Kenya gives in to U.S. threats after proposed used clothes ban

Kenya has withdrawn a proposed ban on used clothes by the East African regional bloc after threats by the United States to review trade benefits to specifically Rwanda, Tanzania, and Uganda.

Kenya’s Trade and Industrialization Principal Secretary Dr Chris Kiptoo said the country had decided to comply with the African Growth and Opportunity Act (AGOA) conditions, reports web portal The East African.

“When we saw the petition filed in March, we knew that the lobby group had strong arguments,” he said.

Kenya, Uganda, Rwanda, Burundi, Tanzania and South Sudan decided to fully ban imported second-hand clothes and shoes by 2019, arguing it would help member countries boost domestic clothes manufacturing.

As signatories to the AGOA trade programme which offers them duty-free access to the United States, their decision violates the conditions including eliminating barriers to U.S. trade and investment, among others.

The U.S. Trade Representative said last Tuesday that it was reviewing trade benefits to the three countries in response to a petition filed by a United States body that complained that the ban “imposed significant hardship” on the U.S. used-clothing industry.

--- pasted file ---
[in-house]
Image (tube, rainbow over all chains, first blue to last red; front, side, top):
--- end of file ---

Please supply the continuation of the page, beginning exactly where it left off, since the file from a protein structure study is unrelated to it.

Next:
Rwandan President Paul Kagame has stated that his country will proceed with the ban on used clothes and will choose to grow its local textile industry at the expense of being a member of the AGOA.

This is the choice we find that we have to make. As far as I am concerned, making the choice is simple, we might suffer consequences. Even when confronted with difficult choices, there is always a way,” he said after officially applying to run for a third term in office.

“Rwanda and other countries in the region that are part of AGOA, have to do other things, we have to grow and establish our industries,” Kagame added.

Uganda and Rwanda have already raised taxes for used clothes and offered incentives to manufacturers to invest in their local textile industry.

Permanent Secretary in Uganda’s Ministry of Trade and Industry Julius Onen told The EastAfrican that they are still studying the matter and will issue a formal position next week.

U.S. imports from Rwanda, Tanzania, and Uganda totalled $43 million in 2016, up from $33 million in 2015 while exports were $281 million in 2016, up from $257 million in 2015.

This article was first published by Ismail Akwei on africanews.com.

Two African satellites launched into space in a week

We always hear about satellites being launched into space but hardly hear about African satellites.

This is not the case anymore as South Africa’s first privately owned nanosatellite – nSight1 – was successfully launched into orbit from the International Space Station last week.

This was followed by Ghana’s first satellite called GhanaSat1. It was developed by university students who took two years to design, assemble and test as part of a Japanese space project.

Watch this edition of Hi-Tech on The Morning Call with Ismail Akwei.

This article was first published by Ismail Akwei on africanews.com.

Ghana’s commitment to technological, astronomical advancement